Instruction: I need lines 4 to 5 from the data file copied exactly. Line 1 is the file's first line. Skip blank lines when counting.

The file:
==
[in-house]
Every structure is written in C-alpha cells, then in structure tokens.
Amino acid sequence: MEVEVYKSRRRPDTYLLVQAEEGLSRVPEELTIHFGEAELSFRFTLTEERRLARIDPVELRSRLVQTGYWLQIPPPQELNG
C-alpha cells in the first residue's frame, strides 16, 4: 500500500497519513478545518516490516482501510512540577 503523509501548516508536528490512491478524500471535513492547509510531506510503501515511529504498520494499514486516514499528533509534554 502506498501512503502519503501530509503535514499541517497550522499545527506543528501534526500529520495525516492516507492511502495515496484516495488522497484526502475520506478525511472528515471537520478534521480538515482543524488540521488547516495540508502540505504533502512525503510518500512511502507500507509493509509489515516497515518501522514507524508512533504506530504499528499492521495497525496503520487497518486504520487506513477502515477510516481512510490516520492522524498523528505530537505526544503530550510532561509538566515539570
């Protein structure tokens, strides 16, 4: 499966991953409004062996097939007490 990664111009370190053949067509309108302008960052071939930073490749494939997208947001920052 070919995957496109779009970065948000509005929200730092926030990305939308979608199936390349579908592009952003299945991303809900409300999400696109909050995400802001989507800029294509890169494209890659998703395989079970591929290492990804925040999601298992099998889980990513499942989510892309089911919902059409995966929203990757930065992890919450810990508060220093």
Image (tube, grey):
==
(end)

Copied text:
C-alpha cells in the first residue's frame, strides 16, 4: 500500500497519513478545518516490516482501510512540577 503523509501548516508536528490512491478524500471535513492547509510531506510503501515511529504498520494499514486516514499528533509534554 502506498501512503502519503501530509503535514499541517497550522499545527506543528501534526500529520495525516492516507492511502495515496484516495488522497484526502475520506478525511472528515471537520478534521480538515482543524488540521488547516495540508502540505504533502512525503510518500512511502507500507509493509509489515516497515518501522514507524508512533504506530504499528499492521495497525496503520487497518486504520487506513477502515477510516481512510490516520492522524498523528505530537505526544503530550510532561509538566515539570
């Protein structure tokens, strides 16, 4: 499966991953409004062996097939007490 990664111009370190053949067509309108302008960052071939930073490749494939997208947001920052 070919995957496109779009970065948000509005929200730092926030990305939308979608199936390349579908592009952003299945991303809900409300999400696109909050995400802001989507800029294509890169494209890659998703395989079970591929290492990804925040999601298992099998889980990513499942989510892309089911919902059409995966929203990757930065992890919450810990508060220093």